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Sunday, 25 May 2014

All Roads Lead to Ephesus via Selçuk

The small town of Selçuk is a good base for a three-day exploration of the surrounding sights.  It is only 3 km away from Ephesus, the capital of the Asian province of the Roman Empire, and 8 km from Şirince.  But do all roads lead to Ephesus?  

Dilay at Red Basilica Pension
Dilay at Red Basilica Pension

From Bergama to Ephesus

Day 8: Before we left, we had a delightful breakfast of egg, tomatoes, olives, nuts, simit (sesame seed bread) and jams and especially a luscious cheese at the Red Basilica Hotel in Bergama.  Dilay was a charming host/manager and we had a long chat.  
According to our Itinerary Map, it was supposed to take three hours to travel 175 km to Selçuk. But we got lost. When we approached Izmir there was no sign for either Selçuk or Ephesus. Did I mention that road signs are not geared to tourists?  Next time we will have to be aware of what is the next important towns along the highway – clearly Selçuk and Kuşadası don’t count.
We ended up missing the bypass expressway and had to drive through Izmir, Turkey's third largest city's. The nice surprise was that the buildings climbed dramatically up a steep and long hill giving us great view all along the expressway through the whole city of 4 million people.  By the way, the traffic moved much more smoothly than in Istanbul. 


Şirince Village View
Şirince View from Museum Parking Lot
Selçuk by contrast is a quiet town with 28,213 people compared to the alternative, the touristy town of Kuşadası. We decided to spend the afternoon in Şirince, 8 km away.  There is a clear sign for Şirince going east off the main boulevard, Ataturk Caddesi. Unfortunately we got lost again as there was no sign to turn left at Şht. Er Yüksel Özülkü Cd.  The road soon leaves the town and travels through green farmland.  
Şirince Houses
Follow the Grey Stone Road

Şirince is a 19th century Greek (until 1924) hill town famous for white buildings, olive oil, and fruit wine.  Many shops offer tasters and sell bottles of wine  as well as oils and other knick-knacks.  Many restaurants line the streets, especially around the museum area.  Its 600 inhabitants are totally overwhelmed by thousands of tourists. And so will you be. 
Ignoring the commercialism down the main road, I walked through the narrow paths in the village.  There were some quaint buildings and stone paths that were just made for photography.  Many of the restored buildings are now pensions or restaurants.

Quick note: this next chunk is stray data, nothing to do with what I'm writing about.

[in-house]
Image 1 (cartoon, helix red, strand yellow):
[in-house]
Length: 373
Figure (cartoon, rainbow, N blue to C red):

Homeros Pension Bedroom
Homeros  Fairy Tale Bedroom or Craft Museum?
We stayed at Homeros Pension, which has an excellent location a two blocks north along the museum road behind the tourist office, then one and a half blocks NW.  The manager/chef was very friendly and we had a long chat on the roof-top terrace when we arrived. 
The building with the dining room is a cozy Ottoman house.   Every room was crammed full of classic furniture and crafts. 

Homeros Pension Dining Room with the Brits
Homeros Pension Dining Room with the Brits
We ate our suppers at Homeros: There were some very good home-made dishes.  But the best part was that this was a great time to meet and talk with other people from Argentina to Australia.

As soon as we walked into the dining room, Bob from England (on the right side) said hello and introduced himself and everyone else to us. Bob is never at a loss of words and has lots of entertaining stories.  He is a regular visitor to Homeros and Turkey.  His daughter and Turkish in-laws live nearby. 

Shirley and Ken from Australia are on an eight-month Round-The-World (RTW) trip. They are experienced travellers. Shirley writes her personal impressions on her travels in a private blog.  Ken worked in cartography and land titles and at one point their family lived in Bangkok while he worked for the Thai government. 

It felt like we were on our RTW backpack trip. Interestingly, it was the older folks that were the friendliest.

Last  Post: Pergamon Acropolis (Day 7)
Next Post: All Roads Lead to Ephesus (Day 9)

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